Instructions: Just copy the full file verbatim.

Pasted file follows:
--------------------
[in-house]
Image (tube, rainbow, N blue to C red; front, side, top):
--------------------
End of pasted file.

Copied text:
[in-house]
Image (tube, rainbow, N blue to C red; front, side, top):